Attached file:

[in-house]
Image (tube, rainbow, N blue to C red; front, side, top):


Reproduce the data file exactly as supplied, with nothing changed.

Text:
[in-house]
Image (tube, rainbow, N blue to C red; front, side, top):